The Conflict Armament Research Center said earlier that the bombs are similar to those used by the Iranian-backed Hezbollah in southern Lebanon and by insurgents in Iraq and Bahrain.

Human Rights Watch urged the UN Security Council on Friday to warn the warring parties that they will face sanctions if they fail to provide civilians access to desperately needed aid.

In the face of international concerns over the humanitarian situation, the UAE said on Friday that it would begin sending aid by air and sea to Hodeida, the state-run WAM news agency said. At least 10 UAE ships carrying 13,500 tons of food and aid, as well as three flights, were planned for Hodeida, it said.

Parts of missiles fired at Saudi Arabia came from Iran — UN chief

June 15, 2018

Debris from five missiles fired at Saudi Arabia by Yemen’s Houthi group since July 2017 “share key design features with a known type of missile” manufactured by Iran and some of the components were manufactured in Iran, UN chief Antonio Guterres wrote in a confidential report to the Security Council.

However, the United Nations has not been able to determine when the missiles, components or related technology were transferred from Iran and if they violated U.N. restrictions, Guterres said in a biannual report on the implementation of U.N. sanctions on Iran.

The June 12 report, seen by Reuters on Thursday, is a further blow to U.S. efforts to hold Iran accountable over accusations it violated U.N. resolutions on Yemen and Iran by supplying weapons to the Houthis. In February Russia vetoed a western attempt to have the Security Council call out Tehran.

A placard showing a missile component recovered in Saudi Arabia reveals identity and logo of Iranian manufacturer Shahid Bagger Industries Logo after US Ambassador to the United Nations Nikki Haley unveiled previously classified information to prove Iran violated UNSCR 2231 by providing the Houthis in Yemen with arms during a press conference on December 14, 2017. (AFP file photo)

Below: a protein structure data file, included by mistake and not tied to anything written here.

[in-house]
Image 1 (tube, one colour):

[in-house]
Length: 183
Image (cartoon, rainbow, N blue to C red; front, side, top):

A proxy war is playing out in Yemen between Iran and U.S. ally Saudi Arabia. A Saudi-led coalition intervened in Yemen in 2015, backing government forces fighting Iran-allied Houthi rebels. Iran has denied supplying the Houthis weapons.

The coalition pounded Houthi positions in Yemen’s Hodeidah for a second day on Thursday during a military assault aimed at seizing the main port to prevent the Houthis from bringing in missiles from Iran.

Iran told Guterres in a letter that it “neither has a policy nor seeks to transfer arms or military equipment in Yemen or manufacture them therein.” Independent U.N. experts separately reported to the Security Council in January that Iran had violated a separate sanctions regime covering Yemen.

Most U.N. sanctions imposed on Iran were lifted in January 2016 when the U.N. nuclear watchdog confirmed that Tehran fulfilled commitments under a nuclear deal with Britain, France, Germany, China, Russia and the United States. But Iran is still subject to a U.N. arms embargo and other restrictions.

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An Iranian made ballistic missile is launched from Yemen by Houthi rebels into Saudi Arabia — Reuters file photo

Guterres said U.N. officials also examined arms and related materiel seized in Bahrain and an unmanned surface vessel laden with explosives recovered by United Arab Emirates forces.

“In both instances, the Secretariat is confident that some of the arms and related materiel it examined are of Iranian manufacture. However, it has found no indications of whether these items were transferred from the Islamic Republic of Iran after 16 January 2016,” he wrote.

The U.N. sanctions and restrictions on Iran are contained in a resolution that also enshrines the 2015 Iran nuclear deal, which U.S. President Donald Trump withdrew Washington from in May. European powers have been scrambling to salvage the deal.

Reporting by Michelle Nichols at the United Nations; Editing by James Dalgleish

Reuters and Arab News

http://www.arabnews.com/node/1321821/saudi-arabia